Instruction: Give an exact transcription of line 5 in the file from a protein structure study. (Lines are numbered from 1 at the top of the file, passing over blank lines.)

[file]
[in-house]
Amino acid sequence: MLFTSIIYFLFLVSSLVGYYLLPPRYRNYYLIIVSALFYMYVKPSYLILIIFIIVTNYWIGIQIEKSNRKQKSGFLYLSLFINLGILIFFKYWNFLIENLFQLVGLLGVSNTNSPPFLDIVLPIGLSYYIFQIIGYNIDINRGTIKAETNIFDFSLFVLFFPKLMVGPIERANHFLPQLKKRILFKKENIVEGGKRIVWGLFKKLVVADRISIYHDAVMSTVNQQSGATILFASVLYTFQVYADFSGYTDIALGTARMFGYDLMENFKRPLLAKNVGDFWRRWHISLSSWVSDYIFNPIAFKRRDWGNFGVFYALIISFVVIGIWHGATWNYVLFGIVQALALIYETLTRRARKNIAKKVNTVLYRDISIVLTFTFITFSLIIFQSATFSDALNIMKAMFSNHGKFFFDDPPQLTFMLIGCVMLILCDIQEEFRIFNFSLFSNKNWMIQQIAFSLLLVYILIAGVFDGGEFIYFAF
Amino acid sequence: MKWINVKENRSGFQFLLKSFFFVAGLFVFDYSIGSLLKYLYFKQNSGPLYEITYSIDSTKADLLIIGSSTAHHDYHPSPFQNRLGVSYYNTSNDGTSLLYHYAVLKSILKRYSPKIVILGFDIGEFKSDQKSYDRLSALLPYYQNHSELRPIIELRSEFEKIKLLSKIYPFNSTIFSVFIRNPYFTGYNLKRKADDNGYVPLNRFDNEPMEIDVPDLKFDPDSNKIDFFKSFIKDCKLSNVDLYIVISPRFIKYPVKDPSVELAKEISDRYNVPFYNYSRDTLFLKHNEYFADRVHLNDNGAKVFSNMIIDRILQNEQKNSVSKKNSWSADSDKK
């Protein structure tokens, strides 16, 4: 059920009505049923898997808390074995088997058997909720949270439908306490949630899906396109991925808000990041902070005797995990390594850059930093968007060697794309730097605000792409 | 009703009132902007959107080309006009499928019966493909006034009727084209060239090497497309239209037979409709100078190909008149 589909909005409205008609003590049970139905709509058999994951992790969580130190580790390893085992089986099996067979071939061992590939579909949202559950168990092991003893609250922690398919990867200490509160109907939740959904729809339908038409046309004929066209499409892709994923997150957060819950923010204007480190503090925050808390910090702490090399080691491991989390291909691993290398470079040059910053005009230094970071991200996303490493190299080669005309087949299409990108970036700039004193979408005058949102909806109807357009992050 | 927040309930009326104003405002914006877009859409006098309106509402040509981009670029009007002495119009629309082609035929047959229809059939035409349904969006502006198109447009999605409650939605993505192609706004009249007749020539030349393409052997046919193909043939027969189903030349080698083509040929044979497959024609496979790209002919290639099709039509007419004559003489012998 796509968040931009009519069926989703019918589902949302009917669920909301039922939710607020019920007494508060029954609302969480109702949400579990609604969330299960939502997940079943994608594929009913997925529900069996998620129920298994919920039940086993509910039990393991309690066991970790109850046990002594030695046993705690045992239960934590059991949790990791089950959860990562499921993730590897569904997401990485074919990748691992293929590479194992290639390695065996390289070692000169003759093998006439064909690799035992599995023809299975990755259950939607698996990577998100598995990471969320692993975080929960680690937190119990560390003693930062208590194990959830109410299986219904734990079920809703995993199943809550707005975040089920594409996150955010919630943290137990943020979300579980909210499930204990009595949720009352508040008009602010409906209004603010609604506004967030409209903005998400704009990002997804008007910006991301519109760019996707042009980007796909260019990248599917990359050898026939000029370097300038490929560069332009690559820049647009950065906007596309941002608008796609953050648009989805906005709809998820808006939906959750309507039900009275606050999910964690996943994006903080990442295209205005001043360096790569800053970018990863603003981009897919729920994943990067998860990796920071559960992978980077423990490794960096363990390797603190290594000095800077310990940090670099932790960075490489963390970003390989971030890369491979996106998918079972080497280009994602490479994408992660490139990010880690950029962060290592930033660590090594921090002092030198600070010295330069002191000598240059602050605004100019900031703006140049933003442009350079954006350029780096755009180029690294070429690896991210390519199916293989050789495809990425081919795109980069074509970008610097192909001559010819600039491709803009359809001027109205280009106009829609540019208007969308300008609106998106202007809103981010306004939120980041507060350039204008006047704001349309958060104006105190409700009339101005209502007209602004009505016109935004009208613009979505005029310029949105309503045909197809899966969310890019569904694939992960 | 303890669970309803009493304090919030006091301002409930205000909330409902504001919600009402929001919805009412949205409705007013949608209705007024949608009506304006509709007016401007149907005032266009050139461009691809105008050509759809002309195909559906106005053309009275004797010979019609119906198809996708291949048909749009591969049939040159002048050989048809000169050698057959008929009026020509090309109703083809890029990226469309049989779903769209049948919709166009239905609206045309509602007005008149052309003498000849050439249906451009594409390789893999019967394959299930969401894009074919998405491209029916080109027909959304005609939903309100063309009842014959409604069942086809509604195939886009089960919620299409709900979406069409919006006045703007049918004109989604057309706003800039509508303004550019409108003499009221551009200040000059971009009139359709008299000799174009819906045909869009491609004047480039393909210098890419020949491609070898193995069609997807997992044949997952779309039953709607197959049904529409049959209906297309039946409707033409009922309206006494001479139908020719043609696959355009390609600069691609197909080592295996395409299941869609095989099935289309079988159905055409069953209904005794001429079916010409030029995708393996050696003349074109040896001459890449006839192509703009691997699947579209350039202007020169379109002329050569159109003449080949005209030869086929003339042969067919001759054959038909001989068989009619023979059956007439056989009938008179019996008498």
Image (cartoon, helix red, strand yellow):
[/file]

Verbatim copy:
Image (cartoon, helix red, strand yellow):